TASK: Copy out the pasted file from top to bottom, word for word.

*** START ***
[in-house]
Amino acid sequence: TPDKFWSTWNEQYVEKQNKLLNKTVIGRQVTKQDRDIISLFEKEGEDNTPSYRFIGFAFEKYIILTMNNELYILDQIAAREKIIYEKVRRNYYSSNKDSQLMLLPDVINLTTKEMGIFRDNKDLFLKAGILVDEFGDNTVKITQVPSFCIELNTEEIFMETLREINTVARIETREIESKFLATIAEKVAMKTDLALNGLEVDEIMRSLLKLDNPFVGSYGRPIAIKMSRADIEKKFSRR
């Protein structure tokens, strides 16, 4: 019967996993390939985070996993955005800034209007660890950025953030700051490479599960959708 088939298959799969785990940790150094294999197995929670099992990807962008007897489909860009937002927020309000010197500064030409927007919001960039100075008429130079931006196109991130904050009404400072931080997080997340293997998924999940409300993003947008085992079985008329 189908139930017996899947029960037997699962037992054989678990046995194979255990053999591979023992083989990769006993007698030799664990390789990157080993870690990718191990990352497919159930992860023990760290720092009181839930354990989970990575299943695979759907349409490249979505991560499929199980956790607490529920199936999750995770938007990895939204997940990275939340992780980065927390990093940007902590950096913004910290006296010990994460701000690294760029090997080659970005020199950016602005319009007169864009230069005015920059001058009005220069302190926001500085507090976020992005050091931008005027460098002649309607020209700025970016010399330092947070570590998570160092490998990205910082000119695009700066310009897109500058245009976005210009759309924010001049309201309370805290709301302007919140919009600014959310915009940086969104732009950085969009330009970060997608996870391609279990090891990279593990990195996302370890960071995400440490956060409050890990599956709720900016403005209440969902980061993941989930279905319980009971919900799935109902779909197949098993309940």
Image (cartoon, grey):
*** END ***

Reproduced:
[in-house]
Amino acid sequence: TPDKFWSTWNEQYVEKQNKLLNKTVIGRQVTKQDRDIISLFEKEGEDNTPSYRFIGFAFEKYIILTMNNELYILDQIAAREKIIYEKVRRNYYSSNKDSQLMLLPDVINLTTKEMGIFRDNKDLFLKAGILVDEFGDNTVKITQVPSFCIELNTEEIFMETLREINTVARIETREIESKFLATIAEKVAMKTDLALNGLEVDEIMRSLLKLDNPFVGSYGRPIAIKMSRADIEKKFSRR
């Protein structure tokens, strides 16, 4: 019967996993390939985070996993955005800034209007660890950025953030700051490479599960959708 088939298959799969785990940790150094294999197995929670099992990807962008007897489909860009937002927020309000010197500064030409927007919001960039100075008429130079931006196109991130904050009404400072931080997080997340293997998924999940409300993003947008085992079985008329 189908139930017996899947029960037997699962037992054989678990046995194979255990053999591979023992083989990769006993007698030799664990390789990157080993870690990718191990990352497919159930992860023990760290720092009181839930354990989970990575299943695979759907349409490249979505991560499929199980956790607490529920199936999750995770938007990895939204997940990275939340992780980065927390990093940007902590950096913004910290006296010990994460701000690294760029090997080659970005020199950016602005319009007169864009230069005015920059001058009005220069302190926001500085507090976020992005050091931008005027460098002649309607020209700025970016010399330092947070570590998570160092490998990205910082000119695009700066310009897109500058245009976005210009759309924010001049309201309370805290709301302007919140919009600014959310915009940086969104732009950085969009330009970060997608996870391609279990090891990279593990990195996302370890960071995400440490956060409050890990599956709720900016403005209440969902980061993941989930279905319980009971919900799935109902779909197949098993309940």
Image (cartoon, grey):